Faust, in a way, is like a spoilt child.


message 5: by Tristram (new)

Tristram Shandy | 17 comments Another question that might be interesting is to what degree Goethe might have used Meph as a mouthpiece of voicing his own criticism on society. When Meph is pulling the young student's leg, for instance, what he says about the various studies has a ring of truth in it.

Take for example his stance on the Law:

"To me this branch of science is well known,
And hence I cannot your repugnance blame.
Customs and laws in every place,
Like a disease, an heir-loom dread,
Still trail their curse from race to race,
And furtively abroad they spread.
To nonsense, reason's self they turn;
Beneficence becomes a pest;
Woe unto thee, that thou'rt a grandson born!
As for the law born with us, unexpressed;—
That law, alas, none careth to discern."


And in the witch's kitchen, Meph says:

"Gewöhnlich glaubt der Mensch, wenn er nur Worte hört,
Es müsse sich dabei doch auch was denken lassen."


"When words men hear, in sooth, they usually believe.
That there must needs therein be something to conceive."


I really liked that observation. But for all his skepticism with regard to science and knowledge, Meph also thinks that after all, striving for knowledge is the best man can do and that by neglecting this strife for knowledge, Faust is heading for destruction:

"Verachte nur Vernunft und Wissenschaft,
Des Menschen allerhöchste Kraft,
Laß nur in Blend- und Zauberwerken
Dich von dem Lügengeist bestärken,
So hab ich dich schon unbedingt! -"


"Mortal! the loftiest attributes of men,
Reason and Knowledge
, only thus contemn,
Still let the Prince of lies, without control,
With shows, and mocking charms delude thy soul,
I have thee unconditionally then!"


Is this not Goethe himself speaking here? Is he, like Milton and the Rolling Stones, rather inclined to feeling sympathy with the devil?


message 6: by Chris (new)

Chris | 360 comments Although Faust waffles back & forth over what he really wants, as I read through this section I do still Faust as quite full of himself as an intellectual. He can't relate to the common people as he & Mephisto walk the streets, nor the common pleasures in the Keller of drinking & music. Yet in his desire to be thirty years younger (and more virile?), he wants to be able to woo/seduce/love a beautiful woman. Seems like the basest of animal instincts, the desire for sex & pleasure combined with a higher emotional need for love.

Mephisto continues to appear more humorous than evil at this point. Ah, maybe the barb is only covered in the velvet glove. Only his lashing out against the church has a touch of sting to it.

Why the ruse with Martha about her husband? Is it only a set-up to place Faust in another conspiring situation which binds him further to Mephisto?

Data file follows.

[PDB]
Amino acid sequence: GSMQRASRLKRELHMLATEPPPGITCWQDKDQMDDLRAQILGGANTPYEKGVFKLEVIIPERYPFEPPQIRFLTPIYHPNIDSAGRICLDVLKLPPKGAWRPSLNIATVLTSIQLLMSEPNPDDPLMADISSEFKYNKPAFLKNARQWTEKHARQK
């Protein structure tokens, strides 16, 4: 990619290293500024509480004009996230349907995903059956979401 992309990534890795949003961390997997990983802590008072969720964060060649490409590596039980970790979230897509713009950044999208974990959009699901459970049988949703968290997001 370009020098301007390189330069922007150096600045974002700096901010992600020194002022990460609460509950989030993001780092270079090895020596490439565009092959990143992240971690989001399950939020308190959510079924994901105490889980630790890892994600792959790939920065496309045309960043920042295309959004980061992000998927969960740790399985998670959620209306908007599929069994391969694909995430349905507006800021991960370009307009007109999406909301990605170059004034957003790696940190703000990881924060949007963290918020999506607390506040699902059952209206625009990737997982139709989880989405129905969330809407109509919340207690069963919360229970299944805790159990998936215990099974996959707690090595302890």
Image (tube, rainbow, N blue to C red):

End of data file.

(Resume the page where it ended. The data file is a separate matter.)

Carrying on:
message 7: by Thomas (new)

Thomas | 4404 comments Christopher wrote: "Perhaps his desire for frenzy and agonizing lust relate to the part of him that almost regrets pursuit of knowledge at the expense of enjoying the finer, more human things in life, while another part of him is ready to give up anything to gain a level of knowledge beyond what is capable for mere mortals. "

I think that's a great point. We see Faust on the verge of suicide, and despite the fact that he is stopped by a chorus of angels singing about the resurrection his despair continues. He says he "hears the message" but he can't believe, and a little later he changes the meaning of "the word" in the first line of the Gospel of John to "the deed." A little further on, he curses "the mind with dazzling make-belief" and to make things absolutely clear, he curses faith itself.

I'm not sure how to put this all together exactly, but it seems to me that his urge to destroy himself leads to his wager with Mephisto and his pursuit of the sensuous life. Even before he takes the potion in the Witch's Kitchen he is transfixed by the form in the mirror, "the loveliest woman in existence!" Mephisto promises he will meet this "paragon of woman" in the flesh, which turns out to be Gretchen. Faust appears to give up on the mind, the soul, and the word, and turn to the flesh, the deed, and the sensual world out of despair.


message 8: by Harm (new)

Harm (harmnl) | 7 comments Faust seems to be a very complex man. Really disappointed in what life (and especially science) had offered him. He shows himself as a bitter, melancholic and desperate man looking for something - maybe anything - to take away the emptiness he feels. And he is also very full of himself and takes himself way too seriously :).

Mephisto on the other hand is playing the role of a jester and seems to be really enjoying himself. He is leading Faust on a road to disaster and this is obvious to anything who reads the story. Faust is the only who doesn't seem to understand what is going on. I think Freud would diagnose Faust as a person with a subconscious, but very strong death drive.


message 9: by Everyman (new)

Everyman | 7718 comments Tristram wrote: "Another question that might be interesting is to what degree Goethe might have used Meph as a mouthpiece of voicing his own criticism on society. When Meph is pulling the young student's leg, for i..."